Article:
The mere mention of Halloween usually evokes images of costume parties, parades, trick or treating, and candy. Skittles, Snickers, Almond Joy, Smarties, and Tootsie Rolls. Ghosts, goblins, witches, and zombies. It’s the very stuff that Halloween is made of. As September gives way to October, excitement fills the air with talk about trunk or treats, pumpkin picking, and classroom parties. Children carefully deliberate about what they are going to be with the type of precision and accuracy that one would use for life and death decisions. They contemplate the neighborhoods, number of houses, and trick or treating routes to achieve the maximum amount of candy in the shortest period of time. They help their parents decorate the inside and outside of their houses with maniacal excitement just to scare as many people as they possibly can.
While this description may be true for most, Halloween can also trigger fear, anxiety, and dread for a portion of children. These children can usually be identified fairly quickly—they are the ones who want nothing to do with Halloween and avoid it like the Black Plague. Their parents desperately try to get them into the Halloween spirit, excitedly telling them how fun it will be to dress up and trick or treat. They offer to buy, barter, trade, or hand-sew a costume, but still, the child firmly stands their ground. What’s a parent to do?
Admittedly, one of the main objectives of Halloween is to be scary and to give others a good scare. If your kid is terrified of Halloween, start by taking a deep breath and keeping things in perspective. Trying to force and immerse your child in all things Halloween is most likely going to increase their anxiety, especially when the sheer purpose of the holiday is to be spooky.
Instead, allow your child to verbalize their fears and validate their concerns. Do not berate them for being too weak or sensitive. (After all, opening the door and finding trick or treaters dripping with fake blood and ski masks can definitely be somewhat off putting). Educate your child that Halloween is all about fantasy and make-believe. Inform and if possible, show them that costumes, decorations, and skeletons are all fake and harmless.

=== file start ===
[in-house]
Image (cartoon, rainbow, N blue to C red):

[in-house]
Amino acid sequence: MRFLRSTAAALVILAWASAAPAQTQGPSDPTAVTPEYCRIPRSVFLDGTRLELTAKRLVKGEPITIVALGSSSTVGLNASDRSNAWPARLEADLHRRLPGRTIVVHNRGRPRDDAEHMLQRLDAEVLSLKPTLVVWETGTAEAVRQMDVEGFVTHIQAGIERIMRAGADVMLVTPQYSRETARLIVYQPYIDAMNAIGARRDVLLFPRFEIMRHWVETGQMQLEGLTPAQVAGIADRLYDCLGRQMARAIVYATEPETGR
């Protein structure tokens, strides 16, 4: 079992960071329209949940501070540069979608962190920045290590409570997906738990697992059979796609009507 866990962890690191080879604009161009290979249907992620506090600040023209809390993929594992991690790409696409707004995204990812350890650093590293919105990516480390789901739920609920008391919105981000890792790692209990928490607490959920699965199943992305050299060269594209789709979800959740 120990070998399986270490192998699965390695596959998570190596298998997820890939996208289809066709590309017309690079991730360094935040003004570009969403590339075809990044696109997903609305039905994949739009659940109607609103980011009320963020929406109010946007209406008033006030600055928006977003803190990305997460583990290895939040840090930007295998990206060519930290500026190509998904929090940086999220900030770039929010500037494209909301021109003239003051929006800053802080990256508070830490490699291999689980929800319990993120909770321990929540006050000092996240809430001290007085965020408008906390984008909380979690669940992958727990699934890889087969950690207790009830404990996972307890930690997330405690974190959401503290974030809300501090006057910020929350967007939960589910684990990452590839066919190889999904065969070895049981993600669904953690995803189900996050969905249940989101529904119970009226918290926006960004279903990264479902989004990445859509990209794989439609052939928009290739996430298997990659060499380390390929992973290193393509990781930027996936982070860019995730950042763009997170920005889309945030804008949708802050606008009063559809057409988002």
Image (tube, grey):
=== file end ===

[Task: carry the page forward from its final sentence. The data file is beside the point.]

If your child is open to trick-or-treating, consider going during the day instead of at night. You do not want to compound Halloween anxiety with potential fears about the dark. If possible, scope out a trick or treating route beforehand and choose a location where decorations are more appropriate for our G rated friends. Avoid houses with ghastly and grotesque décor, or those where a witch pops up upon detecting motion. Exposing your child to a positive Halloween experience will help to counteract negative Halloween related fears.
It may also be beneficial to throw a child-friendly Halloween party with jovial looking jack-o-lanterns, apple bobbing, and candy corn. Show your child that Halloween does not have to be all about blood, guts, and gore. Invite their friends and make it a non-threatening atmosphere so that they can enjoy themselves and the holiday with their peers.
If fears begin to cause significant distress and impairment in daily functioning, consider seeking professional help. A mental health professional can provide your child with another level of support, while helping them to process Halloween related fears and equipping them with adequate coping skills to help them to manage this time period.
With a parent’s patience, love, and support, a child can conquer anxieties and fears related to Halloween. Maybe they will never be one of those children who map out the schematics of their trick or treating trajectories and maybe they will never put more than a minute’s thought into what they are going to be. But, with any luck, they will be able to tolerate October 31st and the weeks prior without fear and dread.